Shortly after the jarring election of Donald J. Trump, you might’ve seen a hilarious sketch from Saturday Night Live called The Bubble where “it’s like the election never happened.” The Bubble is a magical, if not eerily insulated, “place where the unthinkable didn’t happen and life could continue for progressive Americans just as before” because it’s “a planned community of like-minded free thinkers – and no one else.” The punchline is genius: “The Bubble: It’s Brooklyn with a bubble on it.” It’s funny because it’s true – or maybe not.
Who needs a Girls tour bus? Finally, the diehard couch potatoes among us will be able to check out every haunt Ilana, Aziz or Lena have graced on their shows. And New Yorkers fed up with getting the hand from power-tripping PAs have some data-driven ammo when they complain there are too many film shoots in their neighborhood.
Walking up St. Nicholas Avenue around 2pm on Friday afternoon on my way home from the Wyckoff Starr, the coffee shop I manage, I passed an unusual sight: a tall, long-haired man attempting to throw a pair of laced-together sneakers over a telephone wire in broad daylight.
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DC native Mario Correa had never even written a play before Tail! Spin!, but the sexually charged political production starring former SNL funny woman Rachel Dratch is garnering rave reviews from the likes of the New York Times. This isn’t straight-up first-timer’s luck – the co-host of Entertainment Weekly’s “News and Notes” radio show was a staffer on Capitol Hill in the ’90s, which proved to be vivid inspiration for this strain of comedy.
Broad City fans, you might want to earmark this one. Split Personality is a weekly storytelling and comedy show hosted by husband-and-wife team Patrick Clair and Jiji Lee. Their basic formula is part slam-style open mic (during which anyone can put their name in a bag for a chance to perform a five minute true story or sketch character), and part curated show, featuring special guest performers from New York’s comedy and storytelling elite. August’s first offering will showcase the comedic genius of Chris Kelly, writer for SNL, Emmy nominee (for the above sketch), and one of the driving forces behind Comedy Central’s runaway success, Broad City (which began in 2009 as a “cult hit” web-series). Kelly will be joined by Joanna Bradley of Upright Citizens Brigade Theater, and laughs, no doubt, will be in plentiful supply.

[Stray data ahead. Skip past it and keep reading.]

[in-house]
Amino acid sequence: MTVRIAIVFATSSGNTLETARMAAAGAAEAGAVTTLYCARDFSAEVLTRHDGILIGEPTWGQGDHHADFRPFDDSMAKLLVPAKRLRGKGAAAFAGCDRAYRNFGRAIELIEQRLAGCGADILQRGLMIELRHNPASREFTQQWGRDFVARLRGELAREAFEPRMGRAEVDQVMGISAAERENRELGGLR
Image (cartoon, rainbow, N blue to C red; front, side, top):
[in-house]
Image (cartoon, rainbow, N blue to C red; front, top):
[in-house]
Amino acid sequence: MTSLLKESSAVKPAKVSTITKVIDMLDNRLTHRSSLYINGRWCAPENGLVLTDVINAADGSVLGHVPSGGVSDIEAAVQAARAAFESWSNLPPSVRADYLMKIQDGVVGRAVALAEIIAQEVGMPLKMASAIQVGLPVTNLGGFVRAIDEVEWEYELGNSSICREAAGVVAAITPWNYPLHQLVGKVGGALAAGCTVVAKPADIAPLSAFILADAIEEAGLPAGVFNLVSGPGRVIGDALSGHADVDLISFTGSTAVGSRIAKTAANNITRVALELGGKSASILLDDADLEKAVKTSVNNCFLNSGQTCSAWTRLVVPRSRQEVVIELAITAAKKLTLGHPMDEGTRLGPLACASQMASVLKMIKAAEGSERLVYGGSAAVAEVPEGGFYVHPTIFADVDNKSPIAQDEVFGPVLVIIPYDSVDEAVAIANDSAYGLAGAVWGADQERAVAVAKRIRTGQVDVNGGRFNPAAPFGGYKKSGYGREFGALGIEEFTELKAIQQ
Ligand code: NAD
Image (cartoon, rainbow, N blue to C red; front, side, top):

Not a day after dropping his new special on Comedy Central, Hannibal Buress celebrated his 31st birthday at the Knitting Factory last night. Sure, his actual birthday was last month — but whatever, it was an excuse to bring his weekly front-bar showcase into the Knit’s spacious back room for a proper rager promising a “VERY special” musical guest.
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Yes, Lena Dunham was naked on SNL. But Matt Berninger, lead singer of The National, also set off a twitstorm during Saturday’s episode when he hit the stage wearing a pair of wire-frame eyeglasses that were described on Twitter as “rapist glasses,” “70s pedophile glasses,” and “80s dad glasses” — and made him look either like Liev Schreiber or Walter White.
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